[/caption] The views along the Jefferson trail, which ultimately leads you to Jefferson Park and Russel Lake is one of the most scenic and beautiful areas found in the Oregon Cascades. Once you reach the alpine valley in Jefferson Park you will be met with dozens of small alpine ponds as well as some fantastic flowering vegetation that can only be found in the alpine wilderness of the Cascades. Because Mt. Jefferson is so remote, you will need to drive on a road that is less traveled and either gravel or dirt, so be prepared to get your car a little dirty. I took this photo while standing near one of the alpine ponds and Mt. Jefferson can be seen behind it. I wanted to get a shot with the trees in the photo along with the snow capped mountain and the pond. You can really see just how pristine and picturesque the setting is in Jefferson Park. Depending on the time of year you visit, you will be able to see dozens of alpine flowers dotting the park. Since I wanted to get the most panoramic photo as possible I used my Tokina 12-24mm wide angle lens and had the focal length at 15mm. I attached my CIR-PL and warming filter in order to reduce the sun glare and warm the natural tones. The sun was at about a 90 degree angle on the right but the glare was still pretty intense. I spent most of my time trying to find the best spots that weren’t overexposed due to the intense glare from the sun. I had the camera mode in Normal/Program so the aperture was at F-6.3 and the shutter speed at 1/99 second since I did have the ISO at 100 and the white balance at -0.3. I also made sure to use my tripod, bubble level and remote switch to avoid any camera shake or blur.
[/caption] One of my favorite places that I hiked and visited early last September was along the trails in Jefferson Park, OR. The day before I took this photo it had snowed along the higher elevations of Mt. Jefferson so I was able to get some really great photos of a recently dusted mountain. However, the snow had long melted along the Jefferson Park by the time I had arrived. This photo was taken on 9/10/10 so the lighting was fantastic and the sun glare was not that challenging since most of the photos were taken in the afternoon and early evening. I took this particular photo at 5:00pm and the sun was at the far right which was in the west. Most of my photo time in the Park was between 3:00 and 6:00 pm so I was blessed with some great lighting. However, the morning was shrouded with clouds and I couldn’t even get my first photo of Mt. Jefferson until about 1:00pm. I was using my Canon EOS T1i along with my Tokina 12-24 wide angle lens. I had the focal length at 14mm in order to get as much as I could in the view finder. I was amazed at the amount of photo opportunities there were in the Park. Next time I will either camp over night or hike to the Park in the early morning in order to take advantage of the vantage points dotting the park. I was using my warming and CIR-PL filter and the camera was in Program/Normal mode so the aperture was at F-6.4 and the shutter was at 1/80 second. I believe I was using my tripod, bubble level and remote switch when I took this photo. I set the ISO to 100 and the white balance at -1.7 since the sun was still pretty intense. There were dozens of alpine flowers surrounding the Park as well as elk prints. I can only imagine how many elk visit the Park when the crowds are gone. There are several creeks transferring the melting snow down stream as well as several waterfalls plunging down the higher elevations. Jefferson Park is truly a hike worth taking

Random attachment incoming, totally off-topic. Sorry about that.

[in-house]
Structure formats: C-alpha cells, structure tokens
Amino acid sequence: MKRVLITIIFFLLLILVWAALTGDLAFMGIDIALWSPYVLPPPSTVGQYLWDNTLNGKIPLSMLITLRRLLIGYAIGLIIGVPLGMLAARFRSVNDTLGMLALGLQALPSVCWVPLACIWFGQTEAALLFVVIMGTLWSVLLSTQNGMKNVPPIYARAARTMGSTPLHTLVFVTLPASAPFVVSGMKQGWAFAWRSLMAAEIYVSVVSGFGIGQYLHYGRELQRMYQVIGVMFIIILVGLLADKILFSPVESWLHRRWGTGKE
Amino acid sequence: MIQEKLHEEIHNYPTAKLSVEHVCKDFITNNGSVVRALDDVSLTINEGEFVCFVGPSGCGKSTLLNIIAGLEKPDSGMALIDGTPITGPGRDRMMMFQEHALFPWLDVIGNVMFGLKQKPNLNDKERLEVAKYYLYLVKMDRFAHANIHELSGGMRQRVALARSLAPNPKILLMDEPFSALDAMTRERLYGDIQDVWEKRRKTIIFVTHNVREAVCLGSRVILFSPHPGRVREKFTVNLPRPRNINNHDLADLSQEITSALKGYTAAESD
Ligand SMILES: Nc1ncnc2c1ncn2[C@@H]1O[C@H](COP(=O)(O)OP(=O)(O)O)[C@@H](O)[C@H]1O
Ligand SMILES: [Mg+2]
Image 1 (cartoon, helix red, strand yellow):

[/caption] The best place by far to really enjoy the scenic wonders of Mt. Jefferson is at Jefferson Park, which is about a 10.2 mile hike with 1800 feet of elevation gain. The trail starts on the west facing side of Mt. Jefferson and the last 8 miles of the drive are on a well maintained gravel road. The entire hike is loaded with amazing scenery and it’s probably the most pristine place in the state of Oregon. I never saw any clear cut, heard any automobiles, nor did I hear or see any planes flying overhead. The only thing I saw was an awesome forest with miles of trees, dozens of views of Mt. Jefferson, as well as dozens of different types of wildflowers and alpine lakes within Jefferson Park. You also hike over several small creeks that make for a perfect spot to rest and soak in the pristine cold water. The trail is well maintained but it’s not as clearly marked as I would have expected. With Jefferson Park being hailed as one of the busiest trails in Oregon I expected it to be more clearly marked. I hiked the trail the day after we had two days of heavy rain showers and the higher elevations of Mt. Jefferson had received a good little dusting of snow. Unfortunately I took a wrong turn near the top of the first 1.5 miles and headed towards Triangulation Peak trail and ended up hiking about 4 miles total in dense forest with the rain water and dew clinging to the shrubs that had lined the narrow trail. Within 1/4 of a mile my socks, shoes and my entire lower body were soaked. I had almost decided to cancel my quest to Jefferson Park but I actually ended up missing the switchback that headed back to the parking lot and then again found myself on the Jefferson Park Trail. I was informed by some backpackers that I was now only about 2 miles from the Park at that point. I will for now on always make a copy of the trail and have it with me. The mountain finally made its appearance later in the afternoon and I was amazed at how close I was to it. I was able to see where the mountain had repeatedly sent an avalanche of snow throughout the years which had created a swath of downed trees that looked like a smooth carpet of grass with trees that looked like snapped twigs on the outer banks. Once you get to Jefferson Park you will see dozens of alpine lakes, wildflowers and thousands of vantage points. I could spend months photographing from within the park. However, there were several closed parts due to heavy traffic that had destroyed many of the Park’s fragile vegetation. The Sentinal Hills and Park Butte surround the outer parts of the Park which really gave it a true alpine atmosphere. I took this shot right in the heart of Jefferson Park and the small pond in the foreground didn’t have a name. You can see the alpine grass in the pond and the Paintbrush wildflowers teaming all along the Park. To get this shot I was using my 12-24 wide angle lens and had the focal length at 15mm. I had the ISO set at 100 and the White Balance was at -1. I had the camera on Program Mode which allowed the shutter speed to run at 1/60 of a second. I was using my CIR-PL, warming filter and my UV filter in order to cut down on the glare and increase the warmth of the setting. I was using my tripod, bubble level and my remote switch in order to avoid any movement since I was concerned about losing some of my photos due to camera shake. I didn’t want to take any chances on this photo trip. I would highly recommend this hike and next time I hope to backpack here so I can have more time to really take in this amazing place. I can only imagine how beautiful the sunrise and sunsets are here.